The Return of the Gilded Age: Consequences, Causes and Solutions

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To tackle inequality and move towards shared prosperity, we must first understand its causes and consequences.

Download the text of the 2015 Harry Kitchen Lecture in Public Policy, delivered by  Broadbent Institute Senior Policy Advisor Andrew Jackson to the Department of Economics at Trent University.

Cost of home today is double the amount in weeks of labour time compared to 1970s: New study

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We know the nominal dollar cost of a house or a condo today is much higher than it was 10 or 20 years ago. For the first time, Broadbent Institute Policy Fellow and University of Ottawa economist Marc Lavoie looked at the cost of housing in terms of weeks of labour, and found that it's double compared to the 1970s.

Toward Adequate Income Assistance for People with Disabilities in British Columbia

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British Columbia has a long way to go towards providing an adequate and dignified standard of living to persons with disabilities. In Toward Adequate Income Assistance for People with Disabilities in British Columbia, Broadbent policy fellow and Lansdowne Professor of Social Policy, Michael Prince, shows that despite a modest increase in the income assistance rate in 2016, persons with disabilities have seen a stealthy decline in assistance rates since 2007.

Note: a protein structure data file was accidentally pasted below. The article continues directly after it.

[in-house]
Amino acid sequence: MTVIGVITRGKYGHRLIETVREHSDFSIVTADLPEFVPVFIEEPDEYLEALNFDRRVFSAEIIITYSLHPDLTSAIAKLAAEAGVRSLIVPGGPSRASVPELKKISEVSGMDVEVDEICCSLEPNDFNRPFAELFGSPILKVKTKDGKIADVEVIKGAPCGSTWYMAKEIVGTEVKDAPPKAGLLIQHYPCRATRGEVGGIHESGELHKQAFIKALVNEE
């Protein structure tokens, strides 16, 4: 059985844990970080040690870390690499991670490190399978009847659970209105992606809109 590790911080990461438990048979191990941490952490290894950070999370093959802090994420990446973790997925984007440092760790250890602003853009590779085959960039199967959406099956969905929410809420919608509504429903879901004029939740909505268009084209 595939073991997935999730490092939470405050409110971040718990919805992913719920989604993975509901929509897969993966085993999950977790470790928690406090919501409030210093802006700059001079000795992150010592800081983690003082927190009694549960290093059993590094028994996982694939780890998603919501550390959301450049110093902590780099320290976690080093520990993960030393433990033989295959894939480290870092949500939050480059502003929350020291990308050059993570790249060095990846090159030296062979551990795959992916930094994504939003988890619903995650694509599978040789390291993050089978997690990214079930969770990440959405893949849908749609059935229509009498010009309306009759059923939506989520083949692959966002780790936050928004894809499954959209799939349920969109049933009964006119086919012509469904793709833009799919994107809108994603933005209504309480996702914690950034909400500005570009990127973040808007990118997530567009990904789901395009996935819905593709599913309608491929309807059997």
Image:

Current rates leave those on this assistance unable to meet the basic necessities of living. To tackle the systemic disadvantage and indignity facing persons with disabilities in BC, the report calls for a bold plan of social policy that can close the poverty gap and ensure BC’s income assistance system is the best in Canada by 2024

Photo edited, image: Ryan Bushby CC BY 2.5

Progress in the age of Trump

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On April 7th, 2017, the Broadbent Institute released exclusive new polling from Stratcom, looking at Canadian opinion on economic security and levels of support for progressive policy measures. The Broadbent Institute commissioned Stratcom to research current political attitudes among Canadians on issues of inequality and economic security, and in relation to the Trump presidency.

According to the poll results, Canadians largely blame government inaction, on tax policy in particular, for inequality in Canada today and show broad support for investments in national child care, Pharmacare and more generous income assistance programs. Over 82% believe that the gap between the wealthy and everyone else is increasing, and see that as a big concern. A tax system that benefits richer Canadians, government policies that support big business, and too much power in hands of big banks were identified as key reasons for the growth of inequality. Over 80% support closing tax loopholes and cutting down on tax shelters, and introducing a new tax bracket for high income earners.